Rita Levi-Montalcini’s life can be summarised in a single sentence: more than one century of struggle. Levi-Montalcini lived a hundred-year life during which she had to overcome, one by one, many obstacles keeping her from fully realising her personal project. Many would have given up along the way, but the Italian neurologist reacted to obstacles with the force of rebellion. She was born in Turin, the youngest child to a Sephardi Jewish family. Her father was an engineer and her mother an painter. Levi-Montalcini had to work as a baker to pay for her medicine degree, which she studied between 1930 and 1936, during a difficult period for a middle-class Jewish family in fascist Italy. Her parents did not oppose her medicine studies directly, but they considered it an improper occupation for a woman. What would they have thought if she had suggested a scientific research career?
«Rita Levi-Montalcini lived a hundred-year life during which she had to overcome, one by one, many obstacles keeping her from fully realising her personal project»
She was attracted by histology and, immediately after finishing her degree, Levi-Montalcini started working as an assistant in Giuseppe Levi’s laboratory at the Università degli Studi di Torino, until the Manifesto of Race, dictated by Mussolini in 1938, forbade Jews from having an academic and professional career. Years later, Levi-Montalcini would say it was an incentive, that she had Mussolini to thank for declaring her an inferior race, because extreme difficulty and suffering had made her grow, make an effort and overcome the obstacles she found in her scientific career with greater will. Excluded from institutions, Levi-Montalcini worked at home in her laboratory during World War II, doing experiments on the growth of nerve fibres in bird embryos. In 1946, as soon as the war ended, she was invited to the University of Washington in St. Louis by Viktor Hamburger. The invitation changed her life for the following three decades and allowed her to develop her scientific activity to the fullest in the United States. In Washington, she identified the nerve growth factor, a scientific contribution worth, in fact, the Nobel Prize in Medicine, which she won in 1986 with Stanley Cohen.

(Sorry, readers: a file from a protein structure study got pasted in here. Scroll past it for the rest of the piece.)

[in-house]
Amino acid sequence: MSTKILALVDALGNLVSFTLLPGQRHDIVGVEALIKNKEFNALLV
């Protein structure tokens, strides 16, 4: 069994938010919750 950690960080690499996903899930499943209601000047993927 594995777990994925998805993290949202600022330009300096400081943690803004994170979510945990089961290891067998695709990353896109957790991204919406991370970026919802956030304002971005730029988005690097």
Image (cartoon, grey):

She remained connected to her native Italy. Since the 1960s, Levi-Montalcini coordinated her research in the United States with directing the Centre for Neurobiological Research in Rome, which she transformed into the world-wide prestigious European Brain Research Institute. In her later years, she was appointed Senator for Life by the Italian Senate, and she always defined herself as a left-wing person who believed in progress and equality. She was member of the United States National Academy of Sciences and Goodwill Ambassador of the (FAO), and she created a foundation to help African women and girls to study.
Rita Levi-Montalcini celebrated her hundred years anniversary with a lecture in Rome, and publicly defended intellectual activity and social commitment as the main reasons for her long life and career. Her tireless struggle for life, social justice and science ended on 30 December 2012.